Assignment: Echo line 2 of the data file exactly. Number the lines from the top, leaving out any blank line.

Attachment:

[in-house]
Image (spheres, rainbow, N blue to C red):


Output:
Image (spheres, rainbow, N blue to C red):